You’ve heard of Black Friday and Cyber Monday — maybe even Small Business Saturday. But what about Giving Tuesday?
Giving Tuesday — a national day of giving to kick off the giving season — was founded in 2012 by New York’s 92nd Street Y in partnership with the United Nations Foundation. It falls on the Tuesday after Thanksgiving, Black Friday, and Cyber Monday.
If you’re working on a Giving Tuesday campaign for a nonprofit org, here are nine ideas to shape your email.
1. Keep it simple
American Friends of Soroka Medical Center helps support the only major medical center in the Negev, the southern half of Israel. The organization’s 2013 Giving Tuesday email was remarkably simple. Check out this thoughtful call to action!
Pfeiffer Nature Center, located in rural, southwestern New York State, offers miles of open-access hiking trails and other outdoor attractions. In 2013, the Nature Center and Foundation did a great job of putting Giving Tuesday into perspective in its email campaign.
2. Raise awareness for the Giving Tuesday movement
The Southern Ontario Locomotive Restoration Society is dedicated to the preservation, restoration and operation of steam locomotives and other vintage railway equipment for the education and enjoyment of the public. It operates the Waterloo Central Railway, which did a nice job of explaining the Giving Tuesday movement in its 2013 email.
3. Suggest donation amounts (and show why)
The mission of the San Diego Music Foundation is to enrich San Diego’s diverse and creative music community through music education for youth, professional development for current and emerging industry professionals, live performances for the San Diego public, and recognition for San Diego artists of exceptional merit or service. In 2013, the foundation provided the following list in its Giving Tuesday email:
League of Dreams, a non-profit sports league for children with disabilities ages 5 to 22, lists several ways a gift of $100 might be spent.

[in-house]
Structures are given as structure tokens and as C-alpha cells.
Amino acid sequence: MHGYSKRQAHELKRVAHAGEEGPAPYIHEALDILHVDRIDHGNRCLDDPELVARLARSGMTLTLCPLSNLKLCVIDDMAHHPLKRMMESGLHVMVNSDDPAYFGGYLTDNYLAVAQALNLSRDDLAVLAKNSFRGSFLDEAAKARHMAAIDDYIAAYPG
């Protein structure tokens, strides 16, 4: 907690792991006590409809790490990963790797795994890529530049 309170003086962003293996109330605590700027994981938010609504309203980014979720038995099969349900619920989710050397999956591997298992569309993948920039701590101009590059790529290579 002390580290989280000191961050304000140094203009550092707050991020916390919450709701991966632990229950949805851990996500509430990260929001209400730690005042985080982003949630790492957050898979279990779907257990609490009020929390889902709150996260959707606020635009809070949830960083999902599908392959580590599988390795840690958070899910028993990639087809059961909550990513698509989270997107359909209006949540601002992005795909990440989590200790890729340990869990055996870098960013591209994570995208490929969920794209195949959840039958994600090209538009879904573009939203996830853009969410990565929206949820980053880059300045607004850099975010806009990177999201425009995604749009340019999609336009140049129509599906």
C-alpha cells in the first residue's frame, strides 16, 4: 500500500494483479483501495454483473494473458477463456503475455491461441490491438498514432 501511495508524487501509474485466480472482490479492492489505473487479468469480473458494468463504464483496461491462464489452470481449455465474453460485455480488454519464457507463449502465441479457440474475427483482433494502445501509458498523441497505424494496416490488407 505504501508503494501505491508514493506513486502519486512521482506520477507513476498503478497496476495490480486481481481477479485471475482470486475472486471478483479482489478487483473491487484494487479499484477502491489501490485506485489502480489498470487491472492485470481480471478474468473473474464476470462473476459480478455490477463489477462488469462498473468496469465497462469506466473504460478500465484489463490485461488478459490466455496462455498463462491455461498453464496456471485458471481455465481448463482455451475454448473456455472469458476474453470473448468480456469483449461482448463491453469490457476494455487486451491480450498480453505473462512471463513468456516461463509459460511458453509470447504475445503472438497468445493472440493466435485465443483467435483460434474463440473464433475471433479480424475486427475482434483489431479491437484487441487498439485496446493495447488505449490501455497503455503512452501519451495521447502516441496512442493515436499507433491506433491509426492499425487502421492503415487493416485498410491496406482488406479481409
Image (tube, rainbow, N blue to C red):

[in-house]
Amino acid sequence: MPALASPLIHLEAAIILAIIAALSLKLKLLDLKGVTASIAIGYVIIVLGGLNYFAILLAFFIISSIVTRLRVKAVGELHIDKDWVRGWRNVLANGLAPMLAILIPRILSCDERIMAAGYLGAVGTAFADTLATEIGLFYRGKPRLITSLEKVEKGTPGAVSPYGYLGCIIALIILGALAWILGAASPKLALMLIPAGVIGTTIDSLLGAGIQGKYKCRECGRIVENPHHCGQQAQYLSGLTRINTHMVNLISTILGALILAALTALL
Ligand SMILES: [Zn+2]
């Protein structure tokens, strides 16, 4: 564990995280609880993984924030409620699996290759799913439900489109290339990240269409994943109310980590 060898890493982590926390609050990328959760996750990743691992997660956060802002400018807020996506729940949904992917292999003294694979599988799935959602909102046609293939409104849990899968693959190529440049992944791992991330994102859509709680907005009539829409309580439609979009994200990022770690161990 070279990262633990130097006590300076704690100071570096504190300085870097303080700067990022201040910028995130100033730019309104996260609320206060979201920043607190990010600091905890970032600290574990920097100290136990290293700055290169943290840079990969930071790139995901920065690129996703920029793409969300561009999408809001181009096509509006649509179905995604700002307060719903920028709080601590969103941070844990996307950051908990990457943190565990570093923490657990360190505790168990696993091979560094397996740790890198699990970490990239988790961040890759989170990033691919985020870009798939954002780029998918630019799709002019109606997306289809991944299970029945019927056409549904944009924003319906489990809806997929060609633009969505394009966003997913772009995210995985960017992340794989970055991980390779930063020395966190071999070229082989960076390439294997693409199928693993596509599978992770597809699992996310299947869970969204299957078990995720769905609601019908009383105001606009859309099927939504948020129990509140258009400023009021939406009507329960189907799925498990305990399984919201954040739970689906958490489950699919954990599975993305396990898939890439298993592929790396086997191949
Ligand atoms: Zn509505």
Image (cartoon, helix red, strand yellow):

The Girls Gotta Run Foundation invests in Ethiopian girls who use running and education to empower themselves and their communities. Its 2013 Giving Tuesday email lists several gift amounts and describes how that money could be put to use:
4. Ask your readers to share your fundraising link
The Books for Kids Foundation is dedicated to promoting literacy among children with a special emphasis on low-income and at-risk preschool-aged children. In its 2013 Giving Tuesday email, Books for Kids writes, “Please, share this link via email or on your social media with the hashtag #GivingTuesday to spread the word about this wonderful day and our very important cause.” Smart thinking!
5. Share the story of a person (or animal or thing) you serve
Friendly House is a non-profit neighborhood center and social service agency in Portland, Oregon. In its 2013 Giving Tuesday email, Friendly House told Cindy’s story.
Readers may be more likely to connect with your mission — and your Giving Tuesday ask — on a more emotional level if they can visualize how your dollars play out in the real world. Whether you help people, pets, or natural places, share something that will inspire your readers to act.
6. Spur people to action with a limited-time gift match
Clinard Dance Theatre is a contemporary dance company rooted in Flamenco. In its 2013 Giving Tuesday email, Clinard promoted a one-day-only match of up to $250 per gift.
7. Welcome donations of time — recruit volunteers!
Not everyone will click through and make an online donation. Some people on your list may not be in a position to give financially right now, but you can make it clear that their time is also valuable to your organization.
Oakhill Day School is a non-parochial, independent, private day school in North Kansas City. In the school’s 2013 Giving Tuesday email, the primary call to action was to volunteer!
8. Create a video ask for Giving Tuesday
You don’t need to have a big budget — or even any budget — to create a short video that moves your readers to donate. Chicago-based Northwest Side Housing Center (NWSHC) is a HUD-Certified, community-based, nonprofit organization that engages, educates and empowers the community to improve housing for all. NWSHC sent a very simple Giving Tuesday in 2013. Right away, the email points readers to its Giving Tuesday videos (and note that you can make a donation right from that page).
9. Use the visual resources available on the Giving Tuesday site
The Giving Tuesday website provides lots of logos to use in your emails and on social media. The official Giving Tuesday visual resources may give your communications a more polished look. But it’s also a good idea to use your own branding — your readers expect that from you!
Readers, do you have any other advice about running an effective Giving Tuesday campaign?
Also published on Medium.